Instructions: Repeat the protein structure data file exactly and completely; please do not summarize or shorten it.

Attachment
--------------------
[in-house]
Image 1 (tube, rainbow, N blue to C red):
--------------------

[in-house]
Image 1 (tube, rainbow, N blue to C red):